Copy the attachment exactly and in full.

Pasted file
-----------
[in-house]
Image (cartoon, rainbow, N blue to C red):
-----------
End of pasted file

[in-house]
Image (cartoon, rainbow, N blue to C red):